Embedding Christianity Today
What is wrong? Why is it that what goes on inside a church no longer inspires the general awe and reverence it did only a century ago?
The Church Does Not Inspire
In Britain, for many people Christianity has become a one-hour-a-week church activity, or even less.
What is wrong? Why is it that what goes on inside a church no longer inspires the general awe and reverence it did only a century ago? In the March edition of Progressive Voices, Edward Hulme had one answer. He suggested that Communion has now become a barrier to spiritual growth, to Christian Faith, and to God. He further suggests that the sacrament and the associated church services were never vital to discipleship. And I think this subject is worthy of further development.
First, there is a strong case that the Eucharist has been developed into forms that are radically different to how Jesus might have imagined events at the “Last Supper” would be interpreted.
It is most unlikely that Jesus would ever have envisaged Christianity as a world-wide religion separate from Judaism. Nor would he have imagined the ritual of Mass as it was later developed by the Roman Church: after the time of the Emperor Constantine and during the period when Christianity changed from being a persecuted sect, worshipping in the houses of Christians, to being a state sponsored, powerful religious institution, wealthy enough to build cathedrals and churches as ‘houses’ of God.
Cathedrals and Churches
The cathedrals were designed to overawe princes and peasants alike. Cathedrals and churches were often painted, inside and out, with pictures that told biblical stories or were adorned with images of saints, who could be called upon for help. Chants were sung and Latin words were intoned by elaborately robed priests, who performed a variety of complex rituals. People were taught that priests were empowered to use magic words and symbols, and forgive or condemn any person, or even change bread and wine into the body and blood of Christ. This was serious, as most people were very superstitious and fearful of God, Satan, demons, evil spirits and ghosts.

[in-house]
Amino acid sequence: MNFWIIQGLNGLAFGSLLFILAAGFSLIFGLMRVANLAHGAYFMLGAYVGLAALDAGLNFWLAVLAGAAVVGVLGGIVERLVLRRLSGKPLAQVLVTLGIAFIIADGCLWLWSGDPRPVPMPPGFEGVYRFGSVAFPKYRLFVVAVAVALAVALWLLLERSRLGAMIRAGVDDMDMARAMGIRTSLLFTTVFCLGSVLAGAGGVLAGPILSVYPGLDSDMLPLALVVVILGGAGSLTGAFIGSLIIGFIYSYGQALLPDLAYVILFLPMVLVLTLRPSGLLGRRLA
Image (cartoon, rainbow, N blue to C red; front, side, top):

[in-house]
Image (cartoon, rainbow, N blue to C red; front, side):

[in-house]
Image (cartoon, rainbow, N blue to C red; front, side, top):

Critically, peasants were taught to worship God with the same reverence that was expected when they knelt to acknowledge their immediate lord or king. And of course, God’s house was often built as the ‘last word’ in technical construction: quite unlike the hovels that peasants were expected to live in!
Times are Changing
The above phase did not effectively end until the late Victorian era, or later: witness how Gothic-style church buildings and colourful church pageants remained very popular till after the beginning of the twentieth century.
We should bear in mind that, for most people on Sunday, there was often nowhere else for them to go than to church, except to the alehouse, or for a walk in the country.
In 2019, so much has changed. Now, everything about churches is totally foreign to most children born in Britain in the last fifty years. And more recently, the situation has got even worse.